Everyone knows that they need to brush their teeth, floss regularly and use mouthwash, but most people think that those steps will only help improve their dental health. According to a new study, brushing regularly may also help reduce your risk of cancer. Cancer is one of the leading causes of death in America. Annual screenings can help you stay on top of your cancer risk, and doctors often recommend that those with a family history of ovarian, breast, lung and other types of cancer receive regular check ups. Brushing your teeth might help you stay healthy too.
HPV, also known as the human papillomavirus, is a type of disease often classified as a sexually transmitted disease or infection. Several studies found a link between oral sex and HPV, and even actor Michael Douglas believes in those studies. Douglas, who spent more than a year recovering from throat cancer, blamed his cancer on HPV, which he contracted through unprotected oral sex. Unprotected oral sex increases your risk of contracting HPV, which can lead to genital warts and other uncomfortable symptoms. Oral sex causes an increase in bacteria in your mouth, and that bacteria can cause cancer and other diseases.
Certain types of cancer are highly treatable. With proper treatment and medication, you can live for decades after cancer appears in your body. A large number of patients also go through remission, which is when the cancer stops attacking the body. Improper care of your mouth and teeth can increase your risk of dying from cancer. One study found that those who didn’t brush their teeth regularly risked dying more than a decade before patients who did take care of their oral hygiene. The study also found that poor dental hygiene can lead to gum disease, which can affect the heart and other organs in the body.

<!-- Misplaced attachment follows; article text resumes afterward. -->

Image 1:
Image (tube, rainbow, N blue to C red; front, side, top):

Think of your mouth as a small colony of people and bacteria as a group of invaders. When you brush every day and after meals, you use toothpaste and other products that kill bacteria and reduces the toxins in your mouth. That toothpaste essentially wards off the threat of invaders. Even brushing your teeth once a day can help eliminate bacteria more than if you didn’t brush your teeth at all.
Many patients with HPV do not suffer any symptoms, and as they don’t realize they have HPV, they pass it to their sexual partners. Though doctors recommend that people get tested for STIs once a year, many people think they don’t need testing because they are in monogamous relationships. You never know when your partner might have the condition or when your partner contracts the condition from unprotected sex. Left untreated, HPV can lead to a number of medical conditions, including anus cancer and vaginal cancer. Brushing your teeth can kill bacteria and reduce your threat of some cancers, but you also need to see your doctor for regular screenings and check ups.